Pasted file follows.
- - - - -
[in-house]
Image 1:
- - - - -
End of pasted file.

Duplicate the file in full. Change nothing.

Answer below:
[in-house]
Image 1: